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The Gerontologist 46:318-324 (2006)
© 2006 The Gerontological Society of America

Civic Engagement and Older Adults: A Critical Perspective

Marty Martinson, MPH, MEd1 and Meredith Minkler, DrPH, MPH1

Correspondence: Address correspondence to Marty Martinson, MPH, Director, California Senior Leaders Project, School of Public Health, University of California, Berkeley, Berkeley, CA 94720-7360. E-mail: martym{at}

The aging of the baby boom generation, together with research that links volunteerism and positive health outcomes in later life, has contributed to a burgeoning of interest in initiatives and programs promoting civic engagement among older adults. Although useful in potentially expanding role options in later life, this growing attention also underscores the importance of stepping back to critically examine frequently overlooked questions concerning the framing and potential consequences of the new emphasis on civic engagement. Following a brief review of semantics and definitional issues in this area, we use a critical gerontology framework, emphasizing both political economy analysis and perspectives from the humanities, to explore underlying questions such as these: What roles are older adults being encouraged to play in civic life? What meanings are implied by these roles? What political and economic forces underlie these roles? What types of civic engagement are left out of the conversation? Our goal is to encourage a broadening of the dialogue to include potentially problematic normative and political economic dimensions of civic engagement, particularly volunteerism, as they pertain to older adults.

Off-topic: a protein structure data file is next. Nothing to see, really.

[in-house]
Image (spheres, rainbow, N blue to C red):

Key Words: Civic engagement • Volunteerism • Health outcomes

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All GSA journals Journals of Gerontology Series A: Biological Sciences and Medical Sciences Journals of Gerontology Series B: Psychological Sciences and Social Sciences
Copyright © 2006 by The Gerontological Society of America.